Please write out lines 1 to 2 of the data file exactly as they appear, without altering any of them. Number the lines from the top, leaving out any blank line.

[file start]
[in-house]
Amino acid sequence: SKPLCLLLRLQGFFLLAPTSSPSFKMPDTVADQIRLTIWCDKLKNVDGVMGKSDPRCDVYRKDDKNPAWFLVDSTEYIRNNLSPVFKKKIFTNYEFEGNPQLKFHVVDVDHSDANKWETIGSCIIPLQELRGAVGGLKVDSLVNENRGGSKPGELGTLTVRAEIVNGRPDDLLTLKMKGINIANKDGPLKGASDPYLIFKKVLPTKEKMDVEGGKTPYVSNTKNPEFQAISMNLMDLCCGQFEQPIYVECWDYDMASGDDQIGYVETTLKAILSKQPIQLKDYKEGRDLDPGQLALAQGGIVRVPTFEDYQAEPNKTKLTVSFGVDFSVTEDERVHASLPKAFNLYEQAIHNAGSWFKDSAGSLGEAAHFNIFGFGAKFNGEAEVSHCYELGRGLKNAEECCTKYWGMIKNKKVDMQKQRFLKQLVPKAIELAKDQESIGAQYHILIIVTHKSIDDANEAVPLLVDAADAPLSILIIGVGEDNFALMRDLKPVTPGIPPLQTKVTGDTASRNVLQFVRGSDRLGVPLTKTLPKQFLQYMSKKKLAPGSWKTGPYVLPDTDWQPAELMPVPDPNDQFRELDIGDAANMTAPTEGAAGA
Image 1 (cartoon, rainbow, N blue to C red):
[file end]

[in-house]
Amino acid sequence: SKPLCLLLRLQGFFLLAPTSSPSFKMPDTVADQIRLTIWCDKLKNVDGVMGKSDPRCDVYRKDDKNPAWFLVDSTEYIRNNLSPVFKKKIFTNYEFEGNPQLKFHVVDVDHSDANKWETIGSCIIPLQELRGAVGGLKVDSLVNENRGGSKPGELGTLTVRAEIVNGRPDDLLTLKMKGINIANKDGPLKGASDPYLIFKKVLPTKEKMDVEGGKTPYVSNTKNPEFQAISMNLMDLCCGQFEQPIYVECWDYDMASGDDQIGYVETTLKAILSKQPIQLKDYKEGRDLDPGQLALAQGGIVRVPTFEDYQAEPNKTKLTVSFGVDFSVTEDERVHASLPKAFNLYEQAIHNAGSWFKDSAGSLGEAAHFNIFGFGAKFNGEAEVSHCYELGRGLKNAEECCTKYWGMIKNKKVDMQKQRFLKQLVPKAIELAKDQESIGAQYHILIIVTHKSIDDANEAVPLLVDAADAPLSILIIGVGEDNFALMRDLKPVTPGIPPLQTKVTGDTASRNVLQFVRGSDRLGVPLTKTLPKQFLQYMSKKKLAPGSWKTGPYVLPDTDWQPAELMPVPDPNDQFRELDIGDAANMTAPTEGAAGA